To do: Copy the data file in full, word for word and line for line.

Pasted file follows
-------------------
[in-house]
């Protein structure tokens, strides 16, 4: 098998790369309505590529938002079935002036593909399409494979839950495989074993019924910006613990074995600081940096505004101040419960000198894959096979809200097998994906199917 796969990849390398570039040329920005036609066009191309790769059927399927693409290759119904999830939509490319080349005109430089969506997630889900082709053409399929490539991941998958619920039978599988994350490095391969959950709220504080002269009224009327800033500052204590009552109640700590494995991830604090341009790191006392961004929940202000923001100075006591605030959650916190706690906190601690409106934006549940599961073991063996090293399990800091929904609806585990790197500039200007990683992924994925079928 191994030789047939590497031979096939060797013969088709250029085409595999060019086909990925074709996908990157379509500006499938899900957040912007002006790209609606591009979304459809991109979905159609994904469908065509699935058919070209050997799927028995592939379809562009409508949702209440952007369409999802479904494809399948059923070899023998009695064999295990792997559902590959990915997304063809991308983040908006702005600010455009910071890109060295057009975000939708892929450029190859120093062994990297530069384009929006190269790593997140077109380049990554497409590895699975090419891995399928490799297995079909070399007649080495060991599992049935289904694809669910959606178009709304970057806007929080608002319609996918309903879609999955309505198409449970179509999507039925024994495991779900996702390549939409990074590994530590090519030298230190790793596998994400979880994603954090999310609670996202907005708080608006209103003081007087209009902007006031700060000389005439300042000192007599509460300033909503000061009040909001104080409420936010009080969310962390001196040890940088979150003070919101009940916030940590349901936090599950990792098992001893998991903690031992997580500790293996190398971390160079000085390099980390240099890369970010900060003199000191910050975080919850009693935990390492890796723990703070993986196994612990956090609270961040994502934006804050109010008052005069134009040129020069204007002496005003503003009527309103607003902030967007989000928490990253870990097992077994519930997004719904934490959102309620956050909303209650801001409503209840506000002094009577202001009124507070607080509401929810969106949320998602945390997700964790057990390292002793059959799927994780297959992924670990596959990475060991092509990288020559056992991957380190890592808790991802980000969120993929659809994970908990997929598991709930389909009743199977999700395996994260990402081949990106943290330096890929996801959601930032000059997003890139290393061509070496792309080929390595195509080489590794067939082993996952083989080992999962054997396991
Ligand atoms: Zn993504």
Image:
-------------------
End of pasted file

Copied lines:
[in-house]
């Protein structure tokens, strides 16, 4: 098998790369309505590529938002079935002036593909399409494979839950495989074993019924910006613990074995600081940096505004101040419960000198894959096979809200097998994906199917 796969990849390398570039040329920005036609066009191309790769059927399927693409290759119904999830939509490319080349005109430089969506997630889900082709053409399929490539991941998958619920039978599988994350490095391969959950709220504080002269009224009327800033500052204590009552109640700590494995991830604090341009790191006392961004929940202000923001100075006591605030959650916190706690906190601690409106934006549940599961073991063996090293399990800091929904609806585990790197500039200007990683992924994925079928 191994030789047939590497031979096939060797013969088709250029085409595999060019086909990925074709996908990157379509500006499938899900957040912007002006790209609606591009979304459809991109979905159609994904469908065509699935058919070209050997799927028995592939379809562009409508949702209440952007369409999802479904494809399948059923070899023998009695064999295990792997559902590959990915997304063809991308983040908006702005600010455009910071890109060295057009975000939708892929450029190859120093062994990297530069384009929006190269790593997140077109380049990554497409590895699975090419891995399928490799297995079909070399007649080495060991599992049935289904694809669910959606178009709304970057806007929080608002319609996918309903879609999955309505198409449970179509999507039925024994495991779900996702390549939409990074590994530590090519030298230190790793596998994400979880994603954090999310609670996202907005708080608006209103003081007087209009902007006031700060000389005439300042000192007599509460300033909503000061009040909001104080409420936010009080969310962390001196040890940088979150003070919101009940916030940590349901936090599950990792098992001893998991903690031992997580500790293996190398971390160079000085390099980390240099890369970010900060003199000191910050975080919850009693935990390492890796723990703070993986196994612990956090609270961040994502934006804050109010008052005069134009040129020069204007002496005003503003009527309103607003902030967007989000928490990253870990097992077994519930997004719904934490959102309620956050909303209650801001409503209840506000002094009577202001009124507070607080509401929810969106949320998602945390997700964790057990390292002793059959799927994780297959992924670990596959990475060991092509990288020559056992991957380190890592808790991802980000969120993929659809994970908990997929598991709930389909009743199977999700395996994260990402081949990106943290330096890929996801959601930032000059997003890139290393061509070496792309080929390595195509080489590794067939082993996952083989080992999962054997396991
Ligand atoms: Zn993504």
Image: